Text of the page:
Schools to stick with police surveillance

Newport-Mesa district had considered hiring armed private guards but ended up rejecting that idea.

August 16, 2013|By Jeremiah Dobruck

After spending the summer considering whether to hire armed guards to watch over some Costa Mesa schools, the school district has decided to stick with police officers — although fewer than in the past — according to school officials.

Supt. Fred Navarro said he wasn't aware of any other school district hiring year-round private armed security, adding, "I don't think it's something we want to be out on the forefront with."

Over the school break, Newport-Mesa Unified School District officials talked with two companies vying to provide that service in Costa Mesa.


"We did a lot of homework, and we spent our whole summer just really checking it out, talking with attorneys, checking with insurance," Navarro said.

Outsourcing would have served as a bridge of sorts while the Costa Mesa Police Department rebuilds its school resource officer, or SRO, program.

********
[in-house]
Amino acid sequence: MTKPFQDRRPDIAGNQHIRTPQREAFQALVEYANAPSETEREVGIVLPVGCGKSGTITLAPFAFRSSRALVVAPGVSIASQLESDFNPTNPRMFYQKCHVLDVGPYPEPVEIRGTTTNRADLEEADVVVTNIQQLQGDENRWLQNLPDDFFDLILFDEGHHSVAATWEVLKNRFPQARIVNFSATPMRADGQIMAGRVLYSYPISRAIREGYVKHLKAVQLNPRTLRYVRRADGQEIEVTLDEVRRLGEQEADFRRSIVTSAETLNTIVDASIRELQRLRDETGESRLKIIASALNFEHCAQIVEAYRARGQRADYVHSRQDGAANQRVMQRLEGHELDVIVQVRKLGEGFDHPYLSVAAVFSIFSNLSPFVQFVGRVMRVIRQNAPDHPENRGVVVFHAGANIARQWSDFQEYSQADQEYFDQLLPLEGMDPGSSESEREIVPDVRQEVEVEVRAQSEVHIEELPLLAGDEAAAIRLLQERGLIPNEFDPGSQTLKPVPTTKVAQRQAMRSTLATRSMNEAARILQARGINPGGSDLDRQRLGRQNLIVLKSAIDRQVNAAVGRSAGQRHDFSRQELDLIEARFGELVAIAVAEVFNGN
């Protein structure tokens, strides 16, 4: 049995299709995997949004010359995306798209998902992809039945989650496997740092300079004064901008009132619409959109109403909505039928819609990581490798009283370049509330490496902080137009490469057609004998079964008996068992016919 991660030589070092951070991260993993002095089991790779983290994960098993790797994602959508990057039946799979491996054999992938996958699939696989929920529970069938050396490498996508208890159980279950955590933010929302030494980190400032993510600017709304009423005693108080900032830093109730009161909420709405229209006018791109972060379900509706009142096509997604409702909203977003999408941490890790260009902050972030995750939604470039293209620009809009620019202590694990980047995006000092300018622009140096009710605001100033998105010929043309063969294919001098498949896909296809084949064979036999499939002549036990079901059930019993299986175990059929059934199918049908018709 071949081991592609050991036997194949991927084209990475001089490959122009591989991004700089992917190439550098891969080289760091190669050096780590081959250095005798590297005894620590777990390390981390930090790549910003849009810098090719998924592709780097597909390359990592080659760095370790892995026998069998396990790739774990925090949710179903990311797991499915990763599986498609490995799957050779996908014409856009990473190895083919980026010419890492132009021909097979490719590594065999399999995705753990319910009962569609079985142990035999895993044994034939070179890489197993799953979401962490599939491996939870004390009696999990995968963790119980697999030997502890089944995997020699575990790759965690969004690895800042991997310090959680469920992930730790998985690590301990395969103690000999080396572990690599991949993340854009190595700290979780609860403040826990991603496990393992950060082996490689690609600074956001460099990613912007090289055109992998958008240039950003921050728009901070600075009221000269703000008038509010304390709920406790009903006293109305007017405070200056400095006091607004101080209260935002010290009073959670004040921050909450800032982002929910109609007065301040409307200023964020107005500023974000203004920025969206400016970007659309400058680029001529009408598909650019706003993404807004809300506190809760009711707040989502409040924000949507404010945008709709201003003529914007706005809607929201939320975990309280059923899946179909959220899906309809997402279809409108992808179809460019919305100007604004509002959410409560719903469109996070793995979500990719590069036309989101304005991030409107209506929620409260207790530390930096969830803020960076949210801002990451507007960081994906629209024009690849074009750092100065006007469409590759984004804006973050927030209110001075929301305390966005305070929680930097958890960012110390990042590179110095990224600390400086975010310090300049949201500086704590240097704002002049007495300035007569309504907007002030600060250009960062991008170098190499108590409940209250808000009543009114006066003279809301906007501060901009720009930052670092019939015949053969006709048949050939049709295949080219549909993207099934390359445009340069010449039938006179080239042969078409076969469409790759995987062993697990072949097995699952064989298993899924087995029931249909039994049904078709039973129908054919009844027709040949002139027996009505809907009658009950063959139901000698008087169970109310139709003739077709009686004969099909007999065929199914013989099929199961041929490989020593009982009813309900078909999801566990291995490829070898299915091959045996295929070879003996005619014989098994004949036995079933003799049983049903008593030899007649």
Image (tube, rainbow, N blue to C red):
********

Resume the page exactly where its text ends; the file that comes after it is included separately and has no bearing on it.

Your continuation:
The SRO program provided police officers to Costa Mesa schools until it was discontinued last year. The program was revived with one part-time officer in the spring semester.

"I think everyone knew that Chief [Tom] Gazsi was limited on staff," Navarro said. "We were having a hard time staffing the SRO program because he has other competing needs."

What this year's SRO program will entail remains uncertain because the Police Department is still determining how many officers it can dedicate to schools in the fall.

A best-case scenario would be similar to last spring, one part-time SRO combined with increased patrols from other police employees, Gazsi said.

Two SRO positions are budgeted, however, and the program will be revamped as the department hires, Gazsi said.

At the end of July, CMPD was trying to fill 12 vacancies, according to the city's human resources department.

"We've had a history of SROs in the high schools and some junior high schools," Gazsi said. "As we restore staffing levels, it's my intent to bring back those positions in the future, as well as other specialty assignments that provide service to Costa Mesa."

The school district contracts with the cities of Newport Beach and Costa Mesa to provide SROs.

The Newport Beach Police Department dedicates two officers to schools and splits the cost of their compensation with the district, billing Newport-Mesa Unified about $170,000 last school year.

The 2011-12 school year was the last time the school district had an SRO contract with Costa Mesa.

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